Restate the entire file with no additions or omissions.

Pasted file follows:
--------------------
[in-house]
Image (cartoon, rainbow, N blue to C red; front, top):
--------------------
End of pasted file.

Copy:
[in-house]
Image (cartoon, rainbow, N blue to C red; front, top):